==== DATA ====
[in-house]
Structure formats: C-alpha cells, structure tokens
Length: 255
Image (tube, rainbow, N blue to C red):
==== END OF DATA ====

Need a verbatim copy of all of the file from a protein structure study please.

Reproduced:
[in-house]
Structure formats: C-alpha cells, structure tokens
Length: 255
Image (tube, rainbow, N blue to C red):